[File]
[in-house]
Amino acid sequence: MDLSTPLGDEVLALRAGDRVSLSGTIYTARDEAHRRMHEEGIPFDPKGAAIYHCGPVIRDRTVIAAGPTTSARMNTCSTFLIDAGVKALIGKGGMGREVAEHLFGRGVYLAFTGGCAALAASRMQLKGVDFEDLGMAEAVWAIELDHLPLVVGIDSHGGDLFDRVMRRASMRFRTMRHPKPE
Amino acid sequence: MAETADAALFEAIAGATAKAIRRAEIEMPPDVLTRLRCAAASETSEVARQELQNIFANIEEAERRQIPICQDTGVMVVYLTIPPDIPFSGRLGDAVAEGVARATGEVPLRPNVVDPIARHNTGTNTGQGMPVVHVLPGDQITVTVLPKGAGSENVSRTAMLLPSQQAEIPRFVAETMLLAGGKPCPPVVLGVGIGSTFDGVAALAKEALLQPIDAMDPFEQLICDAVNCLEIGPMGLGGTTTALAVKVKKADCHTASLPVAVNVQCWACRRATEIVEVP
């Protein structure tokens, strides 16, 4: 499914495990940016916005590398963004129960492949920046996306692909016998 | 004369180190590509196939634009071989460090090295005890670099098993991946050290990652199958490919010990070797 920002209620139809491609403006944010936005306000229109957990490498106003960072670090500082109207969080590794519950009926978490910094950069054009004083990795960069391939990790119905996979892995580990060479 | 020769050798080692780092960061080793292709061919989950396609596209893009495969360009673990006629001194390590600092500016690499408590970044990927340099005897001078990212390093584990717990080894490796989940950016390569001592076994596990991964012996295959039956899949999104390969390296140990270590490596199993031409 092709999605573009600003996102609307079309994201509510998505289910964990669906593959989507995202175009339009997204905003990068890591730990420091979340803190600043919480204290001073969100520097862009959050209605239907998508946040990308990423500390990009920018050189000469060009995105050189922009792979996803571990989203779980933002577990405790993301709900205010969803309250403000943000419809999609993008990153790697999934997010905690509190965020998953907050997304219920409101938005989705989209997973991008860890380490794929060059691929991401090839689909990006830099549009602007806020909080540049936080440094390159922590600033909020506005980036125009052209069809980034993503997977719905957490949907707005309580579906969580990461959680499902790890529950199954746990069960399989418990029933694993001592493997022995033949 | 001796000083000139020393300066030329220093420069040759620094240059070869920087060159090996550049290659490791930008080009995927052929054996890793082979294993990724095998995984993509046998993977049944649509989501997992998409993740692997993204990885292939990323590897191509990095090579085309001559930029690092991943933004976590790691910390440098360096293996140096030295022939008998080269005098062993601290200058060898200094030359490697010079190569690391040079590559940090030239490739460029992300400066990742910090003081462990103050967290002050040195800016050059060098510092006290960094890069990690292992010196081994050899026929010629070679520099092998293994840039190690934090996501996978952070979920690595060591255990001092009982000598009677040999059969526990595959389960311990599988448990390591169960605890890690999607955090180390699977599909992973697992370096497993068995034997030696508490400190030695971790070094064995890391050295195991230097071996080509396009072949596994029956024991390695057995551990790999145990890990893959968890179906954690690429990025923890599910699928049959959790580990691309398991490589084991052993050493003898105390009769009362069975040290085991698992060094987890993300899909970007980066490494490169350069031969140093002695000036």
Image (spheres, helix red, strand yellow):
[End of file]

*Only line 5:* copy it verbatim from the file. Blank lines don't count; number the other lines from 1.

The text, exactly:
Image (spheres, helix red, strand yellow):